Apache Arrow Ballista Distributed Query Engine

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  1. fb36cff docs: list protoc dependency (#989) by David Wilemski · 2 days ago main
  2. abcbf83 docs: enhance the docs of Ballista client (#985) by Xin Hao · 10 days ago
  3. 1d753fb remove some hard-coded gRPC max message sizes (#984) by Andy Grove · 12 days ago
  4. f7da222 feat: make max message size configurable for gRPC clients (#983) by Eugene Tolbakov · 2 weeks ago
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Ballista: Distributed SQL Query Engine, built on Apache Arrow

Ballista is a distributed SQL query engine powered by the Rust implementation of Apache Arrow and Apache Arrow DataFusion.

If you are looking for documentation for a released version of Ballista, please refer to the Ballista User Guide.


Ballista implements a similar design to Apache Spark (particularly Spark SQL), but there are some key differences:

  • The choice of Rust as the main execution language avoids the overhead of GC pauses and results in deterministic processing times.
  • Ballista is designed from the ground up to use columnar data, enabling a number of efficiencies such as vectorized processing (SIMD) and efficient compression. Although Spark does have some columnar support, it is still largely row-based today.
  • The combination of Rust and Arrow provides excellent memory efficiency and memory usage can be 5x - 10x lower than Apache Spark in some cases, which means that more processing can fit on a single node, reducing the overhead of distributed compute.
  • The use of Apache Arrow as the memory model and network protocol means that data can be exchanged efficiently between executors using the Flight Protocol, and between clients and schedulers/executors using the Flight SQL Protocol


A Ballista cluster consists of one or more scheduler processes and one or more executor processes. These processes can be run as native binaries and are also available as Docker Images, which can be easily deployed with Docker Compose or Kubernetes.

The following diagram shows the interaction between clients and the scheduler for submitting jobs, and the interaction between the executor(s) and the scheduler for fetching tasks and reporting task status.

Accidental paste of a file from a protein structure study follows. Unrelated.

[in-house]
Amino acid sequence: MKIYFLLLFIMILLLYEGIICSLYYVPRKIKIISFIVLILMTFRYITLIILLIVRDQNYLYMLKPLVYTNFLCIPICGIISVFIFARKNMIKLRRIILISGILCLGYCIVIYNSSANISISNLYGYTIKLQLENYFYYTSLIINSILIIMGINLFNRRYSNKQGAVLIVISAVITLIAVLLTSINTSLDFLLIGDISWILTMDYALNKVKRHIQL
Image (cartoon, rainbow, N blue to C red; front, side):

Ballista Cluster Diagram

See the architecture guide for more details.


  • Supports HDFS as well as cloud object stores. S3 is supported today and GCS and Azure support is planned.
  • DataFrame and SQL APIs available from Python and Rust.
  • Clients can connect to a Ballista cluster using Flight SQL.
  • JDBC support via Arrow Flight SQL JDBC Driver
  • Scheduler web interface and REST UI for monitoring query progress and viewing query plans and metrics.
  • Support for Docker, Docker Compose, and Kubernetes deployment, as well as manual deployment on bare metal.


We run some simple benchmarks comparing Ballista with Apache Spark to track progress with performance optimizations. These are benchmarks derived from TPC-H and not official TPC-H benchmarks. These results are from running individual queries at scale factor 10 (10 GB) on a single node with a single executor and 24 concurrent tasks.

The tracking issue for improving these results is #339.


Getting Started

The easiest way to get started is to run one of the standalone or distributed examples. After that, refer to the Getting Started Guide.

Project Status

Ballista supports a wide range of SQL, including CTEs, Joins, and Subqueries and can execute complex queries at scale.

Refer to the DataFusion SQL Reference for more information on supported SQL.

Ballista is maturing quickly and is now working towards being production ready. See the roadmap for more details.

Contribution Guide

Please see the Contribution Guide for information about contributing to Ballista.